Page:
The highest echelons of the French government -- led by President Jacques Chirac and Premier Dominique DeVillepin -- went out of their way Thursday night to express sympathy and solidarity with their country's Jews, following the torture and murder of Ilan Halimi. Their attendance of memorial services at Paris's Victoire Synagogue for the 23-year-old victim constituted the most unequivocal and authoritative admission that Halimi fell prey to a horrid hate crime.
The knee-jerk inclination of French officialdom, however, was refusal to categorize this as an anti-Semitic homicide. Initially there even was reluctance to note the Jewish identity of the victim.
The discovery of the dying Halimi near rail tracks in the Paris suburb of St. Genevieve on February 13 sent shock waves throughout France. The cell phone salesman was found handcuffed, gagged, battered, slashed and with burns over most of his naked body. He had obviously been tortured to death.
The interrogation of the since-apprehended gang, which abducted and then for three weeks held Halimi for ransom -- before, as French police report, dousing him with flammable liquid and setting him alight -- indicated that greed wasn't the sole motive.
A pretty young woman lured Halimi from the store in which he was employed. He was kept naked, bound and hooded, subjected throughout to gruesome torments. The kidnappers, who demanded ransom, were told that the family was far from wealthy. They replied that funds be elicited "from the synagogue," because "all Jews are rich." The French-Arab and African-Muslim ringleaders also recited verses from the Koran in their communications with the family.
French interior minister Nicolas Sarkozy confirmed that the perpetrators "were convinced that 'Jews have money'... That's called anti-Semitism by conflation." He added that four of six persons the same gang attempted to capture were also Jews.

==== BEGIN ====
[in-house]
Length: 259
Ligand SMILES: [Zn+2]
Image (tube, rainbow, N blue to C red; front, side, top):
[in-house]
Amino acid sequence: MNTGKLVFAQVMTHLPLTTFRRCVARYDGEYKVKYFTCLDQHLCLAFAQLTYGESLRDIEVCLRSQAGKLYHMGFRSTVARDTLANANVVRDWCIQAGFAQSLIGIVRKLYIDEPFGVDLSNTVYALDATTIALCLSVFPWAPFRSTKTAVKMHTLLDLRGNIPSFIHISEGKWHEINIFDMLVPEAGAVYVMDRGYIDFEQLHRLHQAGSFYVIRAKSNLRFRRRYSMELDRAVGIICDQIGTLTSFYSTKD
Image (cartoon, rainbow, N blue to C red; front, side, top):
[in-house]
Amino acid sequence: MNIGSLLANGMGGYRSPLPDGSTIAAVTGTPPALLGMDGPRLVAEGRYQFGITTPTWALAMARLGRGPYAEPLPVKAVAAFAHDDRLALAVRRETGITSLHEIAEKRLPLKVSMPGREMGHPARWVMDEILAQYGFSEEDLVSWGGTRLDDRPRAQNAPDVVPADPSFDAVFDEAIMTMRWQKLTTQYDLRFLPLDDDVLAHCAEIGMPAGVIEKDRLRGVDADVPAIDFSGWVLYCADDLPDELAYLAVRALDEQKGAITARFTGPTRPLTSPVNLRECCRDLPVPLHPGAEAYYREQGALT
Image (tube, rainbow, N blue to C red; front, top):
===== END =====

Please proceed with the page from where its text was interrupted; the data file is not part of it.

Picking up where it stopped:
Sarkozy revealed that some suspects possessed extreme Islamic and pro-Palestinian literature and documents. What they confessed to the police further confirmed the apprehension that Halimi was subjected to barbaric abuse because he was a Jew.
The grisly attack came at a time in which some French higher-ups boasted that they had beaten back the anti-Semitic tide that accompanied the 2000 intifada. Indeed the French government oversaw a dramatic drop in anti-Jewish incidents. Reportedly the number of anti-Semitic assaults in France for 2005 is 47% below that of 2004. In this respect the French approach and record is better than that of other European states.
But this clearly isn't the whole story. Physical attacks are only one expression of the distress experienced by French Jews, many of whom live in close proximity to Muslim immigrants (estimated at 12% of the population). Jewish children in public schools are frequently bullied by Arab classmates. It's almost impossible to teach the Holocaust in schools with large Arab/Muslim student bodies.
In certain urban French neighborhoods it's risky for Jews to wear skullcaps. Many French Muslims regard local Jews, their houses of worship and communal institutions fair game in their attempts to wreak vengeance on Israel. This indeed is something for Israelis to ponder. The Jewish state's enemies often consider all Jews legitimate targets, as the 1994 blast in Buenos Aires's AMIA Jewish Community Center (which claimed 86 lives) demonstrated on a tragic scale.
France was late in combating the "collective punishment" meted by some Muslims on their Jewish neighbors. It first turned a blind eye to numerous anti-Semitic outbreaks, insisting that "there is no anti-Semitism in France." Jews were essentially requested not to bother the authorities.
Official downplaying of rampant anti-Semitism between 2000-2003 left deep emotional scars in the Jewish community. The Halimi murder and the initial disinclination to treat it as a hate crime reopened many old wounds. DeVillepin promised "the truth, the whole truth and nothing but the truth" about the crime that alarmed France's Jews. He will have to convince them, but not only them.
Anti-Semitism in Paris isn't just an internal French matter. It should concern all of us in the Jewish state. We mustn't be wary of speaking up lest we offend French sensibilities. Ariel Sharon didn't shrink a few years back from calling on French Jews to make aliya. Our government's concern over the Halimi murder should be conveyed directly to the French government at the highest levels, and our solidarity more emphatically shown with the embattled French Jewish community.
Reprinted with permission from the Jerusalem Post.